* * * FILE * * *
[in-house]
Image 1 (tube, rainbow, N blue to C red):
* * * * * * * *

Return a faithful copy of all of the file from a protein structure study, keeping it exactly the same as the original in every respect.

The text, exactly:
[in-house]
Image 1 (tube, rainbow, N blue to C red):